As a mum myself, [kids] grow up so fast, and [it’s difficult to] remember how small their hands were when they were holding your hand, or the way they loved to squish their toes in the mud. All these little things you’re going to forget in twenty years but maybe you don’t want to forget.
[Editing-wise], I try and stay relatively true [to life] … Maybe my colours are a bit more muted in certain tones and more vibrant in other tones, but other than that, I try to keep it accurate to how you would have seen the sky that night, or the colours of the sand [and everything else].
What makes for a good photograph, in your opinion?
HS: I always try -- especially because I work with a lot of kids -- to get on [their] level as opposed to the parents’ level. I always have a sore back and sore legs from doing so many squats after a session [laughs]. I try to make sure that everyone has some sort of body part in the photo -- even [if] it’s not a five-person family shot where everybody’s [posed and looking] at the camera, you can still see a piece of everyone -- because everyone is interconnected in the family. I just think it shows what a family is all about. People grow in different ways and in different directions, but you’re still connected.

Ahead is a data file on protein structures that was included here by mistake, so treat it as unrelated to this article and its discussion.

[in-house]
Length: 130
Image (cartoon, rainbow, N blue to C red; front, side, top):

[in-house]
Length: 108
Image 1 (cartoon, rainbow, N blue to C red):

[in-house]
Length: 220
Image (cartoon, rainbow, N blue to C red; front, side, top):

What’s the biggest lesson you’ve learned from running your own photography business?
HS: I feel like every time I have a session, I learn something new -- or even, like, 45 new things. It’s a constant learning curve. Some days there are lots of tears involved, and it’s really hard, but I think especially in the last couple of months since I dove headfirst into [workshops and improving my business], I [learned that I] I know more than I thought I did, and people value what I’m doing. I’ve grown more confident in my work.
What are you proudest of as a photographer?
HS: I’m proud of how far my photos have come. I look back at my photos from when my son was a little baby, from when he was six months old, and I see how far I’ve come in every aspect: the business side, the photography side, the client management side. It’s an all-around [good] feeling.